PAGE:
- Written by Clyde McMillan-Gamber Clyde McMillan-Gamber
I’ve seen a few southern flying squirrels “in the flesh” in southeastern Pennsylvania in my lifetime and heard about others from people who saw those charming little rodents, mostly at birdfeeders at night.
And I have seen several of them at various birdfeeders at night, through live cameras and our home computer screen. But, although they are common in woods locally, they are never seen by most people because these squirrels are strictly nocturnal.
Southern flying squirrels commonly inhabit forests in the eastern United States. And many of these adaptable creatures have adjusted to living in farmland woodlots and suburban areas with their many tall trees, especially oaks and hickories that were developed in woods.
Flying squirrels are 9 inches long, including a 3.5-inch tail. They have lovely brown fur on top, which camouflages them among tree trunks and limbs. They are white below with a black line along each flank from their front legs to their back legs. They have large, dark eyes that are beautiful and appealing and allow the squirrels to see well at night.
And they have a loose, fur-covered flap of skin on each side from wrist to ankle. Those flaps, stretched out, enable flying squirrels to glide up to 60 yards while steering with their furry tails, from one tree to another, upon which they land. They then immediately zip to the other side of the tree to avoid owls that may have noticed their flight.
Flying squirrels are quick at everything they do, which helps save their lives. But their dashing speed makes them difficult to enjoy.
Flying squirrels traditionally live in abandoned woodpecker holes and other tree cavities. But some of them adapted to inhabiting bird nesting boxes, attics, cabins, and other human-made structures. They hide in those shelters by day to avoid predators and come out to feed at night, the main reason few people see them.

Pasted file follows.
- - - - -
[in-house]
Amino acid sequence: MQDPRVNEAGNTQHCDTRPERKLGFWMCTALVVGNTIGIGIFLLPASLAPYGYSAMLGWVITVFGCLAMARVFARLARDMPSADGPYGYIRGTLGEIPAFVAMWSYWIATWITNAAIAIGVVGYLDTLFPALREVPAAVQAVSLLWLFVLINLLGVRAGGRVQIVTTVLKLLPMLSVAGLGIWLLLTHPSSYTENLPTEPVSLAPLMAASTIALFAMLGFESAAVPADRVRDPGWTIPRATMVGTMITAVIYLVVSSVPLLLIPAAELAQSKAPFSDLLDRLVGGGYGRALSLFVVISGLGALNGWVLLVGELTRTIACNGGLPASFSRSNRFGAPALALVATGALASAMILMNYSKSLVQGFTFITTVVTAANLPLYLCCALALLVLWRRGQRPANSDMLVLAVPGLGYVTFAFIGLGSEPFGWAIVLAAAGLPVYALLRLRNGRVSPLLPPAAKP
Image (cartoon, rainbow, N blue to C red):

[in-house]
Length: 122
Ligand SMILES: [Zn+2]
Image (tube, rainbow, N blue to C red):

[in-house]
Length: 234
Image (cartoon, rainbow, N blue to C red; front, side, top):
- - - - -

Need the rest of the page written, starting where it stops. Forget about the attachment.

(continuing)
Female flying squirrels annually raise two litters of three young each, on average, in their homes. And during winter, several of these cute little squirrels pack into a hollow to share body heat.
Like all squirrels, flying squirrels consume acorns, nuts, seeds, and berries in woodlands. And like their cousins, they store food in tree hollows and other sheltering places to be eaten in winter when much food is often buried by snow.
Permanent-resident great horned owls, barred owls, and screech owls prey on flying squirrels. I’ve seen a few flying squirrels being caught at birdfeeders through live cameras and our computer screen. One can see the squirrel, or two or three of them, landing at night on a feeder. Soon an owl, usually a screech owl, sweeps in swiftly to grab a squirrel, flying away to kill and ingest it elsewhere.
Flying squirrels are cute little critters, and they are adaptable. It is surprising where some of them live in southeastern Pennsylvania. Maybe they are living near some readers.
Clyde McMillan-Gamber is a retired Lancaster County Parks naturalist.